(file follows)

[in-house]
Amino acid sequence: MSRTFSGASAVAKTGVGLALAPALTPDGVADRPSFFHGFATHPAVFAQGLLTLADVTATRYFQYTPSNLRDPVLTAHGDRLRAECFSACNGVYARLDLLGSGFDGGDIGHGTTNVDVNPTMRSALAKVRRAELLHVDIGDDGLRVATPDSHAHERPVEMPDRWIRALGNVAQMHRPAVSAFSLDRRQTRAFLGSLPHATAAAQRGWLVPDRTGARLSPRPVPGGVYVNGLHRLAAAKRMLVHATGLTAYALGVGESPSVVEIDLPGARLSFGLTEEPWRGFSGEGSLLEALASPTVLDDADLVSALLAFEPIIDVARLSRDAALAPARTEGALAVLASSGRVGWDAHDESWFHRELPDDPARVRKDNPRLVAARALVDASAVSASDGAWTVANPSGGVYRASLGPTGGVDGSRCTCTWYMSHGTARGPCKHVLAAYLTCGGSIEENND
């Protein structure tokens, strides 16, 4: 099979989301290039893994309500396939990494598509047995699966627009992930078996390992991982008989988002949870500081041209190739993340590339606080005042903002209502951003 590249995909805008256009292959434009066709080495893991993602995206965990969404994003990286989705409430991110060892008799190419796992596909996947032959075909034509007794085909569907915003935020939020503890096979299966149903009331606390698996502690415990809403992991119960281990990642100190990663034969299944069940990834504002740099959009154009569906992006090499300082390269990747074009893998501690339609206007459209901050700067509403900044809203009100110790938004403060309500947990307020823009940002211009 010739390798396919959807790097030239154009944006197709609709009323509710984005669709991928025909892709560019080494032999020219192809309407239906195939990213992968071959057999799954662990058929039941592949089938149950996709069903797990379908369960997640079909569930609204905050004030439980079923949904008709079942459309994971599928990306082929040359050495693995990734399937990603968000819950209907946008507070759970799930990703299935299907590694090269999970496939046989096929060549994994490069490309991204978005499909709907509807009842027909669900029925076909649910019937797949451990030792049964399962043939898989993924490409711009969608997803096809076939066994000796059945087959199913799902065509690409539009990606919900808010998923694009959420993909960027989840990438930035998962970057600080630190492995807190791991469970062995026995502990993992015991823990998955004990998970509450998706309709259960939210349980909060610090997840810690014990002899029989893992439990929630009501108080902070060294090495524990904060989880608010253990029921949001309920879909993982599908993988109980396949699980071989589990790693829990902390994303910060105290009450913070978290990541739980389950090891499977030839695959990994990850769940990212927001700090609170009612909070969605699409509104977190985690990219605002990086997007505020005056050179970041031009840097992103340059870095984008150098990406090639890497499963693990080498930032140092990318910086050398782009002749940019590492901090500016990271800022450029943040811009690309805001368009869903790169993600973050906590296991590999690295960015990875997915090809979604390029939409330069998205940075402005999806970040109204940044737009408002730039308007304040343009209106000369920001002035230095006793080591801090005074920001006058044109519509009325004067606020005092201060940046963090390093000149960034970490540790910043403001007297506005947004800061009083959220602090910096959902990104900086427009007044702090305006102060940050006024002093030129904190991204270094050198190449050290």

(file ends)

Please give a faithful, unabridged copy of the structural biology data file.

[in-house]
Amino acid sequence: MSRTFSGASAVAKTGVGLALAPALTPDGVADRPSFFHGFATHPAVFAQGLLTLADVTATRYFQYTPSNLRDPVLTAHGDRLRAECFSACNGVYARLDLLGSGFDGGDIGHGTTNVDVNPTMRSALAKVRRAELLHVDIGDDGLRVATPDSHAHERPVEMPDRWIRALGNVAQMHRPAVSAFSLDRRQTRAFLGSLPHATAAAQRGWLVPDRTGARLSPRPVPGGVYVNGLHRLAAAKRMLVHATGLTAYALGVGESPSVVEIDLPGARLSFGLTEEPWRGFSGEGSLLEALASPTVLDDADLVSALLAFEPIIDVARLSRDAALAPARTEGALAVLASSGRVGWDAHDESWFHRELPDDPARVRKDNPRLVAARALVDASAVSASDGAWTVANPSGGVYRASLGPTGGVDGSRCTCTWYMSHGTARGPCKHVLAAYLTCGGSIEENND
């Protein structure tokens, strides 16, 4: 099979989301290039893994309500396939990494598509047995699966627009992930078996390992991982008989988002949870500081041209190739993340590339606080005042903002209502951003 590249995909805008256009292959434009066709080495893991993602995206965990969404994003990286989705409430991110060892008799190419796992596909996947032959075909034509007794085909569907915003935020939020503890096979299966149903009331606390698996502690415990809403992991119960281990990642100190990663034969299944069940990834504002740099959009154009569906992006090499300082390269990747074009893998501690339609206007459209901050700067509403900044809203009100110790938004403060309500947990307020823009940002211009 010739390798396919959807790097030239154009944006197709609709009323509710984005669709991928025909892709560019080494032999020219192809309407239906195939990213992968071959057999799954662990058929039941592949089938149950996709069903797990379908369960997640079909569930609204905050004030439980079923949904008709079942459309994971599928990306082929040359050495693995990734399937990603968000819950209907946008507070759970799930990703299935299907590694090269999970496939046989096929060549994994490069490309991204978005499909709907509807009842027909669900029925076909649910019937797949451990030792049964399962043939898989993924490409711009969608997803096809076939066994000796059945087959199913799902065509690409539009990606919900808010998923694009959420993909960027989840990438930035998962970057600080630190492995807190791991469970062995026995502990993992015991823990998955004990998970509450998706309709259960939210349980909060610090997840810690014990002899029989893992439990929630009501108080902070060294090495524990904060989880608010253990029921949001309920879909993982599908993988109980396949699980071989589990790693829990902390994303910060105290009450913070978290990541739980389950090891499977030839695959990994990850769940990212927001700090609170009612909070969605699409509104977190985690990219605002990086997007505020005056050179970041031009840097992103340059870095984008150098990406090639890497499963693990080498930032140092990318910086050398782009002749940019590492901090500016990271800022450029943040811009690309805001368009869903790169993600973050906590296991590999690295960015990875997915090809979604390029939409330069998205940075402005999806970040109204940044737009408002730039308007304040343009209106000369920001002035230095006793080591801090005074920001006058044109519509009325004067606020005092201060940046963090390093000149960034970490540790910043403001007297506005947004800061009083959220602090910096959902990104900086427009007044702090305006102060940050006024002093030129904190991204270094050198190449050290």